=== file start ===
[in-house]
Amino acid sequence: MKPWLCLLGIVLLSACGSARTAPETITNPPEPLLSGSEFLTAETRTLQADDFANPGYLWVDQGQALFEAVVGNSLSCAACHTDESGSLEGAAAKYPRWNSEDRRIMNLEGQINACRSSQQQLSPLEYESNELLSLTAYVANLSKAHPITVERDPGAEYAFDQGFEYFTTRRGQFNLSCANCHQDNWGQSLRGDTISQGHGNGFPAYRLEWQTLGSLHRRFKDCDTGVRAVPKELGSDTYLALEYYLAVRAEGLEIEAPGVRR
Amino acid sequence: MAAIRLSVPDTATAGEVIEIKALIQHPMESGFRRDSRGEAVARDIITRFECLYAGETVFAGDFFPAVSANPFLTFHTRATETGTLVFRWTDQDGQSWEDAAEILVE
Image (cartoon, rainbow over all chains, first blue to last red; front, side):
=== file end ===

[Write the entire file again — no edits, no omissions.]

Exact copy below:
[in-house]
Amino acid sequence: MKPWLCLLGIVLLSACGSARTAPETITNPPEPLLSGSEFLTAETRTLQADDFANPGYLWVDQGQALFEAVVGNSLSCAACHTDESGSLEGAAAKYPRWNSEDRRIMNLEGQINACRSSQQQLSPLEYESNELLSLTAYVANLSKAHPITVERDPGAEYAFDQGFEYFTTRRGQFNLSCANCHQDNWGQSLRGDTISQGHGNGFPAYRLEWQTLGSLHRRFKDCDTGVRAVPKELGSDTYLALEYYLAVRAEGLEIEAPGVRR
Amino acid sequence: MAAIRLSVPDTATAGEVIEIKALIQHPMESGFRRDSRGEAVARDIITRFECLYAGETVFAGDFFPAVSANPFLTFHTRATETGTLVFRWTDQDGQSWEDAAEILVE
Image (cartoon, rainbow over all chains, first blue to last red; front, side):